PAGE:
After another knockout earnings report Wednesday, Tesla Motors stock is surging after-hours, but is it too late for investors to buy stock?
Oct. 21, 2020
This article originally appears on The Motley Fool, written by Harsh Chauhan.
Cloud communications specialist Twilio (NYSE:TWLO) has switched into a higher gear during the pandemic after severely underperforming the market in 2019, with the COVID-19 crisis creating the ideal conditions for the company’s business to thrive.
As of this writing, Twilio shares have tripled in 2020 as the shift toward remote work has triggered a jump in demand for the company’s offerings. More organizations are shifting their contact centers from physical locations to the cloud in a bid to maintain the continuity of their operations, helping Twilio deliver impressive quarterly results in recent months.
With the latest earnings season already underway, Twilio investors can expect more good news when it releases its third-quarter results on Oct. 26. Let’s see why.
Twilio’s latest acquisition will bring a new catalyst
Twilio recently announced that it is acquiring Segment for $3.2 billion to enter another fast-growing niche. Shares surged on the news, as Segment is a customer data platform provider that’s expected to increase Twilio’s total addressable market by $17 billion to $79 billion.
Several third-party estimates indicate that the customer data platform market could clock high growth rates for the next several years. One such estimate from Grand View Research predicts that the market could grow at a compound annual growth rate (CAGR) of 27.5% through 2025. Motley Fool reporter Leo Sun points out that Segment is one of the leading providers of a cloud-based, software-as-a-service (SaaS) customer-data platform, and had a 9% market share in 2019.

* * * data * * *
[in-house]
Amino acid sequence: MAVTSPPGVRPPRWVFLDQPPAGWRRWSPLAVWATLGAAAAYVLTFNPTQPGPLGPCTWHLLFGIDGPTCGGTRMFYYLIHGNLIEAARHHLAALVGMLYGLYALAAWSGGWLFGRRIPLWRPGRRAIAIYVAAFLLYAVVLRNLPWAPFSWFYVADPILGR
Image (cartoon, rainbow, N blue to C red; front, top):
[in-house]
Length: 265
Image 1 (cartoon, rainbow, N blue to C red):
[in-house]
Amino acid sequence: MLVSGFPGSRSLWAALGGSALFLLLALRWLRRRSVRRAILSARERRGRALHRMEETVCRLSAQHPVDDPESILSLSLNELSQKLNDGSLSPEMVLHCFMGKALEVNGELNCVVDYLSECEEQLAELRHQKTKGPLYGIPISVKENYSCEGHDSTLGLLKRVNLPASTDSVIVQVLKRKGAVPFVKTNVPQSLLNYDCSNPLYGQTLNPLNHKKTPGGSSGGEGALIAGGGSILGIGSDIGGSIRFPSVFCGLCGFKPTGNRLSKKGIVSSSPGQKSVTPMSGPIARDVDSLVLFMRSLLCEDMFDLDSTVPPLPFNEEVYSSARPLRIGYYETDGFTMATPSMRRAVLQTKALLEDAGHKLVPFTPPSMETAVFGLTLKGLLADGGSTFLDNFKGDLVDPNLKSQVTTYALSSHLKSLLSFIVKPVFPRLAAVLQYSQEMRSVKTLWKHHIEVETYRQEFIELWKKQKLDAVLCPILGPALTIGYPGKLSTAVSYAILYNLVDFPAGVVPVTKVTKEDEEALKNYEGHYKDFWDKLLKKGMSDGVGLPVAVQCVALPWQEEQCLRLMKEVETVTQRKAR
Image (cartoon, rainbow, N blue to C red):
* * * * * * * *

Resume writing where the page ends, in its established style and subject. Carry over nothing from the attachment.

Segment’s revenue reportedly shot up 88% last year to $180 million, exceeding Twilio’s fiscal 2019 revenue growth of 75%. So Segment is likely to accelerate Twilio’s growth once the acquisition is completed in the current quarter. Additionally, don’t be surprised to see Twilio’s latest buy boost its financial performance, as it could create additional revenue opportunities through cross-selling.
Segment has over 5,000 customers that Twilio can sell its existing portfolio of services to. And at the same time, Twilio has over 200,000 active customers who can now opt to buy a new service from the cloud communications specialist.
Gearing up for long-term growth
Twilio’s core business — enabling its clients to connect with customers over various channels such as messages, calls, and email through its application programming interfaces (APIs) — is already a fast-growing one. The company claims that it can help its clients deploy complete contact centers in the cloud quickly. What’s more, customers using the Twilio Flex cloud contact center platform have reported a 34% reduction in operational expenses.
Mordor Intelligence estimates that the cloud-based contact center market could be worth $45 billion by 2025, compared to $13.6 billion last year. Similarly, the email marketing market is expected to be worth over $27 billion by 2026, clocking a CAGR of nearly 20% as per a third-party estimate. Twilio made an entry into this market a couple of years ago with the acquisition of SendGrid, a move that has worked out well for the company.
And now the acquisition of Segment will add another area for Twilio to attack, while also complementing the other services the company offers. Twilio’s presence in email marketing and the foray into the customer-data platform space could make the company’s core offering more attractive and aid long-term growth.
Not surprisingly, analyst estimates compiled by Yahoo! Finance anticipate a sharp rise in Twilio’s earnings next year, and they expect it to sustain a high bottom-line growth rate for a longer time frame. As such, investors looking to buy a top growth stock this earnings season should keep an eye on Twilio, as it has room to run higher.
MyWallSt operates a full disclosure policy. MyWallSt staff currently hold long positions in companies mentioned above. Read our full disclosure policy here.
The Motley Fool has a disclosure policy.